Honey Nut Brittle Candy

Honey Nut Brittle Candy
We’ve really been enjoying Papa B’s honey from next door lately! Today, I made three kinds of honey nut brittle to tuck away in the freezer for when the urge for a sweet treat hits.

The idea for this recipe came from “Macadamia Nut Brittle” in the cookbook: Eat Well Feel Well by Kendall Conrad. I love this book! Though some of the recipes call for ingredients that are too gourmet for me to ever afford (i.e. truffles!), I still find ways to substitute or adapt to what is on hand.

With a little imagination, you can get all sorts of tastes from this one recipe. Try altering the type of nuts used, or adding cocoa or carob powder or even coconut flakes for different variations. The basic recipe is as follows:

  • 1 cup honey
  • 1/4 teaspoon pure vanilla extract (optional)
  • 4 tablespoons of butter
  • 1 1/2 cups coarsely chopped nuts (of your choice – any type can be used)

Pour honey into a heavy saucepan and simmer over medium-low heat until it reaches 275 degrees F on a candy thermometer. This will take several minutes, up to 30 if you are using low heat. You can also use the cold water test to ensure you’ve reached soft crack stage.

While the honey is simmering, spread the nuts over a cookie sheet and toast in a 350 degree F oven for about 10 minutes or until lightly golden brown. Remove from oven, sprinkle with salt and set aside.

Once soft crack stage is reached, keep the candy mixture over the heat source and stir in butter, vanilla (if desired), toasted nuts and any further additions you wish to add to your candy. Cook for one additional minute, remove from heat and spread over a parchment lined baking sheet.

Place in freezer for around 30 minutes to cool. Break into pieces and store in the freezer in single layers between parchment paper. Keep frozen until ready to eat since the candy turns soft at room temperature.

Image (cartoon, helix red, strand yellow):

Here are three variations I made today:

Almond Honey Nut Brittle

(basic recipe with toasted almonds)

honey nut brittle

Pecan Honey Nut Brittle

(basic recipe with toasted pecans)

pecan nut brittle

Chocolate Almond Nut Brittle

(basic recipe, add vanilla, nuts, and around 2 tablespoons of cocoa powder. Press cocoa through a sieve when adding, to avoid lumps. Add less for milder chocolate taste, more for richer chocolate taste.)

chocolate honey nut brittle

Now, we’re all set for candy for a while! (If I can stop eating it….)

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  1. My daughter would love this sweet treat! Thanks for sharing on Foodie Friends Friday! Please come back on Sunday to VOTE!

  2. I just recently received a candy thermometer. I am pinning this recipe so I can make the almond honey nut brittle. Thank you so much for sharing this at Foodie Friends Friday.

  3. thank you, great flavor and my kids love that we are using Auntie Linda’s honey(hive is in her blueberry field).

  4. Tried this today with almonds and chocolate – just because I had some. Yummy! Super easy and almost fail proof! Thank you so much for sharing your recipe.

  5. Your recipes are going to pay such a big role in my holiday cooking this year. I am so excited to try them!

    1. Since you toast the nuts then salt them, I would think it should be similar. I would definitely try it, if I had any on hand!

  6. How to store these brittles, please? not that they’ll last too long. but i’m thinking gifting.

    1. They do best in the freezer between layers of parchment paper to prevent sticking together, but they should last out a few hours as long as it’s not too hot in the room. Too long and they get sticky. Unfortunately, a lot of honey-based candies do that. I do live in a very humid area though, so that could be some of the reason my candies do that!

  7. Have you tried making this with adding baking soda? This looks like my peanut brittle recipe (I usually use cashews) except it calls for white sugar and uses baking soda to add some air to the candy. I’ve never had any issue with needing to keep it in the freezer either.